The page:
What is baroque music? First things first though! How on earth do you say this funny word ‘baroque’?
‘Baroque’ is said like ‘Ba-rock’. Think of a sheep sitting on a rock. Then you will know how to say it!
So now we know how to say it, what is it? The word ‘baroque’ is used to describe a style of ‘art’ from a certain period of history. ‘Art’ here means all sorts of things, like paintings, buildings (architecture) or music. The baroque period of history is from about the year 1600 to about 1750 (in other words, it is a long time ago!). This means that baroque art is art painted sometime around 1600 to 1750. Baroque architecture are buildings built sometime around 1600 to 1750. And baroque music is music written sometime around 1600 to 1750.
The greatest baroque composer was Johann Sebastian Bach (1685–1750).
Other famous baroque composers include
It is important to remember that baroque music is a style of music. It is not an exact period of time. This means that some composers lived during the baroque period, but their music wasn’t always very ‘baroque’ in style. One example is Domenico Scarlatti (1685–1757). On the other hand, Handel’s music was always baroque—even though he died after 1750.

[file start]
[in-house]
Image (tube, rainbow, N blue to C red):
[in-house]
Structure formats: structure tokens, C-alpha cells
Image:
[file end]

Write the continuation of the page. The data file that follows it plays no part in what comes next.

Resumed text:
So what is the baroque style?
Well, like classical music in general, it is not easy to describe (see the Classical Music page). The best way to understand what baroque is, is to listen to the great baroque composers.
If you listen to a lot of baroque music you will begin to recognise the style, even if you can’t describe it. And if you study the music very carefully you will begin to notice common features. Two of the most common features are:
- Lots of ‘twiddly bits’ (as my mum calls them!). Baroque music has lots of quick wiggles backwards and forwards on a single note. These wiggles don’t really add anything to the tune. They are simply there as decoration.
- Lots of different lines of music (or ‘tunes’) all going their own way. These single tunes weave together to make the whole music.
I think that will do. Enjoy listening to baroque music! Here is a video to set you on your way. It’s the end of Bach’s Orchestral Suite No. 3.
4th and 5th movements of Bach’s Orchestral Suite No. 3
- An example of baroque art. This painting is called ‘Adoration of the Magi’ and was painted in 1624 by Peter Paul Rubens. The image is in the public doman. Click here for the source of this image, along with the relevant copyright information.
- Bach – Bwv1068 Orchestral Suite – 04-05 – Bourrée-Gigue. Ton Koopman, Amsterdam Baroque Orchestra – Buy this dvd from : http://amzn.to/qEoY0G.